What's Good Growth?
Yeah, EA is likely less compelling when this is defined as feeling motivating/interesting to the average person at the moment, although it is hard to judge since EA hasn't been around for anywhere near as long. Nonetheless, many of the issues EAs care about seem way too weird for the average person, then again if you look at feminism, a lot of the ideas were only ever present in an overly academic form. Part of the reason why they are so influential now is that they have filtered down into the general population in a simpler form (such as "girl power", "feeling good, rationality bad"). Plus social justice is more likely to benefit the people supporting it in the here and now than EA which focuses more on other countries, other species and other times which is always a tough sell.
SJ is an extremely inclusive movement (basically by definition)
I'm generally wary of argument by definition. Indeed, SJ is very inclusive to members of a racial minority or those who are LGBTI, but is very much not when it comes to ideological diversity. And some strands can be very unwelcoming to members of majorities. So it's much more complex than that.
"There are definitely many who see these more in the movement/tribe sense" - For modern social justice this tends to focus on who is a good or bad person, while for EA this tends to focus more on who to trust. (There's a less dominant strand of thought within social justice that says we shouldn't blame individuals for systematic issues, but it's relatively rare). EA makes some efforts towards being anti-tribal, while social justice is less worried about the downsides of being tribal.
Greater knowledge of psychology would be powerful, but why should we expect the sign to be positive, instead of say making the world worse by improving propaganda and marketing?
Why is Leverage working on psychology? What is it hoping to accomplish?
This seems like a good idea and definitely the thing I'd consider once I learn enough about ai that this would be valuable for others.
"It’s not clear that advanced artificial intelligence is going to arrive any time within the next several decades" - On the other hand, it's seems, at least to me, most likely that it will. Even if several more breakthroughs would be required to reach general intelligence, those may still come relatively fast as deep learning has now finally become useful enough in a wide enough array of applications that there is far more money and talent in the field than there ever was before by orders of magnitude. Now this by itself wouldn't necessarily guarantee fast advancement in a field, but AI research is still the kind of area where a single individual can push the research forward significantly just by themselves. And governments are beginning to realise the strategic importance of AI, so even more resources are flooding the field.
"One of the top AI safety organizations, MIRI, has now gone private so now we can’t even inspect whether they are doing useful work." - this is not an unreasonable choice and we have their past record to go on. Nonetheless, there are more open options if this is important to you.
"Productive AI safety research work is inaccessible to over 99.9% of the population, making this advice almost useless to nearly everyone reading the article." - Not necessarily. Even if becoming good enough to be a researcher is very hard, it probably isn't nearly as hard to become good enough at a particular area to help mentor other people.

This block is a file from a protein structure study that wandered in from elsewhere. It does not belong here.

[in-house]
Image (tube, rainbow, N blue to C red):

I'm definitely in favour of this kind of project since I feel more EAs should be experimenting with small projects.
"The situation seems pretty symmetric, though: if a politician builds roads just to get votes, and an NGO steps in and does something valuable with that, the politician's counterfactual impact is still the same as the NGO's" - true, but the NGO's counterfactual impact is reduced when I feel it's fairer for the NGO to be able to claim the full amount (though of course you'd never know the government's true motivations in real life)
The order indifference of Shapely values only makes sense from a perspective where there is perfect knowledge of what other players will do, but if you don't have that, a party that spent a huge amount of money on a project that was almost certainly going to be wasteful and ended up being saved when by sheer happenstance another party appeared to save the project was not making good spending decisions. Similarly, many agents won't be optimising for Shapely value, say a government which spends money on infrastructure not caring about whether it'll be used or not just to win political points, so they don't properly deserve a share of the gains when someone else intervenes with notifications to make the project actually effective.
I feel that this article presents Shapley value as just plain superior, when instead a combination of both Shapley value and counterfactual value will likely be a better metric. Beyond this, what you really want to use is something more like FDT where you take into account the fact that the decisions of some agents are subjunctively linked to you and that the decisions of some other agents aren't. Even though my current theory is that very, very few agents are actually subjunctively linked to you, I suspect that thinking about problems in this fashion is likely to work reasonably well in practise (I would need to dedicate a solid couple of hours in order to be able to write out my reasons for believing this more concretely)